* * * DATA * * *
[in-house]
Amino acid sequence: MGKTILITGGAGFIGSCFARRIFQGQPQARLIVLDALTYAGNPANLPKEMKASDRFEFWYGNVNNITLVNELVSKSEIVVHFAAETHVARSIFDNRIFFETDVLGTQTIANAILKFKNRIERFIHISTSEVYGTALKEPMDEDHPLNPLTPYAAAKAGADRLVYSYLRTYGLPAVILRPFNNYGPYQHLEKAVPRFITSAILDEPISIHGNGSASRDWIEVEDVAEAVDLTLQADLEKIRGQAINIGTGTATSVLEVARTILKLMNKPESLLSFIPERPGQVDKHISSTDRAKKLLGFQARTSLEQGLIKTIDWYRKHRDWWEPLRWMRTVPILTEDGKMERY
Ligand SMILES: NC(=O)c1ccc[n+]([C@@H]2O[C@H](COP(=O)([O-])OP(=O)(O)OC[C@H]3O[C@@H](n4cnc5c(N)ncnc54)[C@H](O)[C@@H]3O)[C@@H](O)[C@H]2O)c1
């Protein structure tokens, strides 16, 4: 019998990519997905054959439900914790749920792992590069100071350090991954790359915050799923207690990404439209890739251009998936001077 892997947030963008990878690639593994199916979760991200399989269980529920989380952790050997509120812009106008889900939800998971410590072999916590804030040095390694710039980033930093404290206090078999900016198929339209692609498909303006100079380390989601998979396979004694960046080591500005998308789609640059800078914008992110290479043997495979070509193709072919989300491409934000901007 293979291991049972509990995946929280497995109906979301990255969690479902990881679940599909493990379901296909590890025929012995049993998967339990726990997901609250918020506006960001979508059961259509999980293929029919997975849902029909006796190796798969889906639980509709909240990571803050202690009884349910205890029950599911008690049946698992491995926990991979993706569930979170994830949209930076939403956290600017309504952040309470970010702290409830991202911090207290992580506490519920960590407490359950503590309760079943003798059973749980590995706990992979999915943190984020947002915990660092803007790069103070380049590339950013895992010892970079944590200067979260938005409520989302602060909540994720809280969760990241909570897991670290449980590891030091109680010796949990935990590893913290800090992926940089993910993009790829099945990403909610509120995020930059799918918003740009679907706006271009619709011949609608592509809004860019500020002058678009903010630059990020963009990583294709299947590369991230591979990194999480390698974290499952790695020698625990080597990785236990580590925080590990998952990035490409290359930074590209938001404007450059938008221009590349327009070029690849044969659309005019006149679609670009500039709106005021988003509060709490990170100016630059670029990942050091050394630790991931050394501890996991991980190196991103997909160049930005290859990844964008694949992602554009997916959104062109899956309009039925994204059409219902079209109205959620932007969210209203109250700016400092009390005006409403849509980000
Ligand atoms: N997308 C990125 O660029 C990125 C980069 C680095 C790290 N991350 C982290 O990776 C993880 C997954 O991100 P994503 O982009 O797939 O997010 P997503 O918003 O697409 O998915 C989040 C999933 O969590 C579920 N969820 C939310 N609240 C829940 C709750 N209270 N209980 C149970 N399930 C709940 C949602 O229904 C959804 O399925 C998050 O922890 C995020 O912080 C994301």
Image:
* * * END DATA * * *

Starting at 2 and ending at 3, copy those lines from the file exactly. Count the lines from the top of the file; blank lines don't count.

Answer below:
Amino acid sequence: MGKTILITGGAGFIGSCFARRIFQGQPQARLIVLDALTYAGNPANLPKEMKASDRFEFWYGNVNNITLVNELVSKSEIVVHFAAETHVARSIFDNRIFFETDVLGTQTIANAILKFKNRIERFIHISTSEVYGTALKEPMDEDHPLNPLTPYAAAKAGADRLVYSYLRTYGLPAVILRPFNNYGPYQHLEKAVPRFITSAILDEPISIHGNGSASRDWIEVEDVAEAVDLTLQADLEKIRGQAINIGTGTATSVLEVARTILKLMNKPESLLSFIPERPGQVDKHISSTDRAKKLLGFQARTSLEQGLIKTIDWYRKHRDWWEPLRWMRTVPILTEDGKMERY
Ligand SMILES: NC(=O)c1ccc[n+]([C@@H]2O[C@H](COP(=O)([O-])OP(=O)(O)OC[C@H]3O[C@@H](n4cnc5c(N)ncnc54)[C@H](O)[C@@H]3O)[C@@H](O)[C@H]2O)c1